In this Book

Words Not Swords
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summary
A woman not only needs a room of her own, as Virginia Woolf wrote, but also the freedom to leave it and return to it at will; for a room without that right becomes a prison cell. The privilege of self-directed movement, the power to pick up and go as one pleases, has not been a traditional "right" of Iranian women. This prerogative has been denied them in the name of piety, anatomy, chastity, class, safety, and even beauty. It is only during the last 160 years that the spell has been broken and Iranian women have emerged as a moderating, modernizing force. Women writers have been at the forefront of this desegregating movement and renegotiation of boundaries. Words, Not Swords explores the legacy of sex segregation and its manifestations in Iranian literature and film and in notions of beauty and the erotics of passivity. Milani expands her argument beyond Iranian culture, arguing that freedom of movement is a theme that crosses frontiers and dissolves conventional distinctions of geography, history, and religion. She makes bold connections between veiling and foot binding, between Cinderella and Barbie, between the figures of the female Gypsy and the witch. In so doing, she challenges cultural hierarchies that divert attention from key issues in the control of women across the globe.

Table of Contents

  1. Cover
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  1. Title Page, Copyright, Dedication, About the Author
  2. pp. iii-vi
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  1. Contents
  2. pp. ix-x
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  1. Acknowledgments
  2. pp. xi-xiii
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  1. Prologue: “Yeki Bud, Yeki Nabud”
  2. pp. xv-xxiv
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  1. Introduction: Keeping Women in Their Place
  2. pp. 1-26
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  1. Part One: A Legacy of Containment
  2. p. 27
  1. 1. Enclosed Bodies, Trapped Voices, Framed Images: The Poetics of Sex Segregation
  2. pp. 29-49
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  1. 2. The Bonds of Beauty: Immobilizing the Ideal Woman in Iranian Literature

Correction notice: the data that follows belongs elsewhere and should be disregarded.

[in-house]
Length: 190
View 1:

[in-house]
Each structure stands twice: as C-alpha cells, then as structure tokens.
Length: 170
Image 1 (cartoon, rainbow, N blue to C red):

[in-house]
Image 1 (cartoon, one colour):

2. pp. 50-73
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  1. 3. Pardeh Neshin, or “She Who Sits Behind the Screen”: The Spatial Politics of Iranian Cinema
  2. pp. 74-102
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  1. Part Two:
  2. p. 103
  1. 4. Badasht and Seneca Falls: Tahirih Qurratul‘Ayn and Elizabeth Cady Stanton
  2. pp. 105-127
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  1. 5. Icarus Reborn: Captivity and Flight in the Work of Forugh Farrokhzad
  2. pp. 128-154
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  1. 6. The Gypsy Poet: Fluidity and Flux in the Poetry of Simin Behbahani
  2. pp. 155-179
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  1. 7. Women on the Road: Shahrnush Parsipur and the Conference of Female Birds
  2. pp. 180-200
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  1. Part Three: Prisoners Awaiting Liberation
  2. p. 201
  1. 8. Reading and Misreading Iranian Women in the United States: On Abducted Daughters, Incarcerated Girls, and Invisible Women
  2. pp. 203-234
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  1. Epilogue: Words as Ambassadors of Peace and Beacons of Hope
  2. pp. 235-245
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  1. Notes
  2. pp. 249-302
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  1. Works Cited
  2. pp. 303-321
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  1. Index
  2. pp. 323-345
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